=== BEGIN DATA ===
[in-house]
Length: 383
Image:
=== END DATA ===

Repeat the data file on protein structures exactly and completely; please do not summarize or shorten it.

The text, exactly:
[in-house]
Length: 383
Image: